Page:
Paradise Lost. Manuscript of Book I, in the hand of an amanuensis
Purchased by Pierpont Morgan, 1904
MA 307 (fol. 13v)
This 33-page manuscript is all that remains of the many drafts and fair copies of the evolving text of Milton's biblical epic Paradise Lost. After he lost his sight, Milton relied on several copyists, to transcribe the verses he composed in solitude and to assist him as he revised. This manuscript, which has been marked up lightly by at least five different hands, consists of the text of Book I as it was delivered to Samuel Simmons, the printer of the 1667 first edition. Simmons probably retained these sheets and passed them on to later copyright holders because they bear the imprimatur, or publishing license, issued by the English government.
About this exhibition:
To celebrate the four-hundredth anniversary of the birth of John Milton (1608–1674), The Morgan Library & Museum is pleased to present the only surviving manuscript of Paradise Lost, Book 1. This epic poem is considered Milton's greatest artistic achievement and one of the finest works of the human imagination. Acquired by Pierpont Morgan in 1904, it is the most important British literary manuscript in the collection. The 33-page manuscript has been temporarily disbound, providing an opportunity to see more of its pages than ever before. Also in this presentation are first editions of Paradise Lost printed in England and the United States during the seventeenth and eighteenth centuries and a rarely seen miniature portrait of the poet.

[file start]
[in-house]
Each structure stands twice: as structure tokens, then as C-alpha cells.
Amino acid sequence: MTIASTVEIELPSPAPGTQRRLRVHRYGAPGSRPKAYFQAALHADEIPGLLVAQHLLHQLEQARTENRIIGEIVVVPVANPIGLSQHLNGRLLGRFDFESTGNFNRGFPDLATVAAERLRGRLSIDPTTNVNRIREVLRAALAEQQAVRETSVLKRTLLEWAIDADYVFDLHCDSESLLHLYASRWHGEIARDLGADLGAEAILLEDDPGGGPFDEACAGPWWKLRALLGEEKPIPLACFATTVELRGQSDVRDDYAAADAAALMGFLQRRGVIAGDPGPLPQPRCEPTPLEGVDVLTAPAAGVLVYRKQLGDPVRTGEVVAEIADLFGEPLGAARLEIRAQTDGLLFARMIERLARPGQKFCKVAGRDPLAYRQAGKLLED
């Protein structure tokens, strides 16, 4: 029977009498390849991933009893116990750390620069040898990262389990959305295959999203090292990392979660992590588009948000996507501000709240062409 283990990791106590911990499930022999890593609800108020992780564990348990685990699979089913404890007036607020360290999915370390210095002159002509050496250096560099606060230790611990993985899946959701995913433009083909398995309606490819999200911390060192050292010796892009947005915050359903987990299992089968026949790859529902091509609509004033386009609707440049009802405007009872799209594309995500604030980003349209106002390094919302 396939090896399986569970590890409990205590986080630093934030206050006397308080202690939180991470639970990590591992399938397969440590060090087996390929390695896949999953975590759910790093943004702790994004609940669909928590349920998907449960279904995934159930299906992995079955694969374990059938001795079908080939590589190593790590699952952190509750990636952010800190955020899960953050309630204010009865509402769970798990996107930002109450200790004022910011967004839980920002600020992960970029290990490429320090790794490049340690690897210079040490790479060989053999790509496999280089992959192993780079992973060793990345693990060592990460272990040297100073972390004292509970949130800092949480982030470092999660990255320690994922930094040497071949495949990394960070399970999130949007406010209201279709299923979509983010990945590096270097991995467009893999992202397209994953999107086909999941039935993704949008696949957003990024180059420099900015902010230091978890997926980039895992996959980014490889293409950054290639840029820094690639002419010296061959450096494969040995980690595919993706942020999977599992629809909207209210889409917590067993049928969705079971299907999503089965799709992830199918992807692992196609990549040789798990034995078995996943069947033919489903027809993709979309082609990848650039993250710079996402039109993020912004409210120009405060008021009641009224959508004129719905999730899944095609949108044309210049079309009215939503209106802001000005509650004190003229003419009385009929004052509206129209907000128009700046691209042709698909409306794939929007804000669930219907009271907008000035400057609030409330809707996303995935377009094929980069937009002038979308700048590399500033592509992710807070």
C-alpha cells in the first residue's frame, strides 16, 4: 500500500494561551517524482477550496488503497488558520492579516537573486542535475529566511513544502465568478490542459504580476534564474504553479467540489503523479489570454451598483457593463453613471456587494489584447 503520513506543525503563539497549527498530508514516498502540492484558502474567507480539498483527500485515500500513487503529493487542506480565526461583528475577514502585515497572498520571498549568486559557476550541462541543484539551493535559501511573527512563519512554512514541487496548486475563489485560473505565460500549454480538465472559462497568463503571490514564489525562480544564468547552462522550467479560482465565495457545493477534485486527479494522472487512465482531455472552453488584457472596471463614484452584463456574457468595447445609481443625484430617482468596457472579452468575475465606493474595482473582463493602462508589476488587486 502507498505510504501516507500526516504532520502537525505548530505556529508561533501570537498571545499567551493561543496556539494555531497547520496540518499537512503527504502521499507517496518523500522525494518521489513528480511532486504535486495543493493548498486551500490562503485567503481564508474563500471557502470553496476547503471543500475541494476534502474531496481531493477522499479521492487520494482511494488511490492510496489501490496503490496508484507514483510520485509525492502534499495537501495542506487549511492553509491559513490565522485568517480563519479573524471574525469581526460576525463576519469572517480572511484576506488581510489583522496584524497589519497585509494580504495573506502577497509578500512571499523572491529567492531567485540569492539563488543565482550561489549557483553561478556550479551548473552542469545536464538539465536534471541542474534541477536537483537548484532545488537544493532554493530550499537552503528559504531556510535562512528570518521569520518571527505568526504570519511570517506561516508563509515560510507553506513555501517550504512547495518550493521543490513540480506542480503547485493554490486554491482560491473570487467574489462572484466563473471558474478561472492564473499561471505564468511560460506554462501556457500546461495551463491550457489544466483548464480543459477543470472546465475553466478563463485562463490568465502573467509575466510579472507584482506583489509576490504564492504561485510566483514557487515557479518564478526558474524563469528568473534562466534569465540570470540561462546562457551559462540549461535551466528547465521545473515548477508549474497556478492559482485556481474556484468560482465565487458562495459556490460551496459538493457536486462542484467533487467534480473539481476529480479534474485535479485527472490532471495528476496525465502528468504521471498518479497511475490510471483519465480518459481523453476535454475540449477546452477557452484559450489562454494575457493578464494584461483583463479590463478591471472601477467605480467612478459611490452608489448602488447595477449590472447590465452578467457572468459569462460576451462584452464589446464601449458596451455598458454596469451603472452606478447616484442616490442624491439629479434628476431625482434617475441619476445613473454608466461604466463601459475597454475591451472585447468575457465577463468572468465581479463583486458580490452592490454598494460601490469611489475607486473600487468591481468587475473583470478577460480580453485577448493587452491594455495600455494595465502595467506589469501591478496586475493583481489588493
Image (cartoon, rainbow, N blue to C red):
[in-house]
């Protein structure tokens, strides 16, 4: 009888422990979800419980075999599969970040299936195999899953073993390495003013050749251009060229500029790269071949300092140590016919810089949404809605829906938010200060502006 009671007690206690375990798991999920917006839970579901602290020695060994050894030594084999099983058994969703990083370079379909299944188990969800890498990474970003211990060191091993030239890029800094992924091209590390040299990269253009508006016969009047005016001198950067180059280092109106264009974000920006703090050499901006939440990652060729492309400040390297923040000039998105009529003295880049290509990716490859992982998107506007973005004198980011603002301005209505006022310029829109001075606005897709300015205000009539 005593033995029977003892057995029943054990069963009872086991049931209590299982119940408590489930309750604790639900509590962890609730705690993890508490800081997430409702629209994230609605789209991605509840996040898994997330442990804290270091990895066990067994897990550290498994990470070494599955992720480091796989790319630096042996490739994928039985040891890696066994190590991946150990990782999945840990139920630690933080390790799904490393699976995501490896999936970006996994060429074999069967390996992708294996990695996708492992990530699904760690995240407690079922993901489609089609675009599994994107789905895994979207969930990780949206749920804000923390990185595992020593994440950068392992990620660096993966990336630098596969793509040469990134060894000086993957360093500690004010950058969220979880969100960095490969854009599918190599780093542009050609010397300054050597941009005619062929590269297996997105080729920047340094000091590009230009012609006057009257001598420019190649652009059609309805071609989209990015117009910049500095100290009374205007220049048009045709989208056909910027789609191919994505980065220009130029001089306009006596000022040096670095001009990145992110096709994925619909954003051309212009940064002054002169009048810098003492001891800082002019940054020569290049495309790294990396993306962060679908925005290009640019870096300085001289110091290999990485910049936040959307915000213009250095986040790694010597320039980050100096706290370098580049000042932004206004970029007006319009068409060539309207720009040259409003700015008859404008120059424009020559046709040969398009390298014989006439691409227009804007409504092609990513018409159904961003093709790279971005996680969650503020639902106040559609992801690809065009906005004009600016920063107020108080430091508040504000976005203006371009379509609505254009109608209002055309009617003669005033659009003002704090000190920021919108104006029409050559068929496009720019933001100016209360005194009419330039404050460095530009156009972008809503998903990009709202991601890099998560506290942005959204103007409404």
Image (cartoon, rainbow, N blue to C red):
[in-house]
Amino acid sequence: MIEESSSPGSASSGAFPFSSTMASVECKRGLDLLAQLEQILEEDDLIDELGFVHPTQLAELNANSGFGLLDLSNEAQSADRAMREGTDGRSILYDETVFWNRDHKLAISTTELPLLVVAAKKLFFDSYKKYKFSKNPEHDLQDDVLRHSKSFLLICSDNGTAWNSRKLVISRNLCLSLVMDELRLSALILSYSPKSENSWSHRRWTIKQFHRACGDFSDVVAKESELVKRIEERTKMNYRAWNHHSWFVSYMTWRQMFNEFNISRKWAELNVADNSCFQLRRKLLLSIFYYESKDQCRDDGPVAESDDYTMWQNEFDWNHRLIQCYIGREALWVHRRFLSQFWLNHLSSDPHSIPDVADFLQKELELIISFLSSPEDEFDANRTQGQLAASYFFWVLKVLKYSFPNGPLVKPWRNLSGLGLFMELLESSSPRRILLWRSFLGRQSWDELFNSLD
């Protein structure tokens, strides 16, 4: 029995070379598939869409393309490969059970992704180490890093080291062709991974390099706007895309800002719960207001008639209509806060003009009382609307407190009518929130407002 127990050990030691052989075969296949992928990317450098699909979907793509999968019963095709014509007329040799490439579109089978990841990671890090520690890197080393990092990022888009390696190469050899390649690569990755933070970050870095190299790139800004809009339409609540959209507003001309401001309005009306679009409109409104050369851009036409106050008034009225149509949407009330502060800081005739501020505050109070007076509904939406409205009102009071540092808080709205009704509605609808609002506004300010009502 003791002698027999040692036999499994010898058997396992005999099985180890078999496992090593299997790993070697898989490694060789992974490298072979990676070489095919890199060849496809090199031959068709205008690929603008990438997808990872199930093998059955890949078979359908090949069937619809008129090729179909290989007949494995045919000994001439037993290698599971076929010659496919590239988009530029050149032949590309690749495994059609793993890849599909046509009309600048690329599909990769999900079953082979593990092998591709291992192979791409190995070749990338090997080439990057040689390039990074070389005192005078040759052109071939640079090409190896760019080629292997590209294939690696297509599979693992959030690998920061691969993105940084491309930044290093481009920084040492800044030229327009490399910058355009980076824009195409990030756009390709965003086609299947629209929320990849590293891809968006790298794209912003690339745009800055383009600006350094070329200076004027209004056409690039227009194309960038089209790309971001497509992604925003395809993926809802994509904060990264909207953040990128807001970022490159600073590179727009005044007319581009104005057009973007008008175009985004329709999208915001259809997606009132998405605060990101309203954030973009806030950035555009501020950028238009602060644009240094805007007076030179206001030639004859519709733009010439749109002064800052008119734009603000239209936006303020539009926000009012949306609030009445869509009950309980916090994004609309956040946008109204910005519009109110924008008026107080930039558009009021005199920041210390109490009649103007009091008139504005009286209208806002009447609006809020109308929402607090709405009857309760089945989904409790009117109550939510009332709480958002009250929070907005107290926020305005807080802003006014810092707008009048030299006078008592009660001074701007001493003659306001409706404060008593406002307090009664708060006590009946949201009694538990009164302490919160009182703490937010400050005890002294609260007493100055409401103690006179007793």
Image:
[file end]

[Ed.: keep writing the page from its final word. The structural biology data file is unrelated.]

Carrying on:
With dread of death to flight or foul retreat;
Nor wanting power to mitigate and swage
With solemn touches, troubl'd thoughts, and chase
Anguish and doubt and feare and sorrow and pain
From mortall or immortall minds. Thus they
Breathing united force with fixed thought
Mov'd on in silence to soft pipes that charm'd
Thir painfull steps o're the burnt soyle; and now
Advanc't in view they stand, a horrid front
Of dreadfull length and dazling arms, in guise
Of warriors old with order'd spear and shield,
A-waiting what command thir mighty Chiefe
Had to impose: hee through the armed files
Darts his experienc'd eye, and soon travers
The whole battalion views; thir order due,
Thir visages and stature as of Gods,
Thir number last he summs. And now his heart
Distends with pride, and hardning in his strength
Glories: for never since created man,
Met such imbodied force, as nam'd with these
Could merit more then that small infantry
Warr'd on by Cranes: though all the giant brood
Of Phlegra with th' Heroic race were joyn'd
This exhibition is made possible through the generosity of Mr. and Mrs. Rudy L. Ruggles, Jr.
Photography by Graham Haber.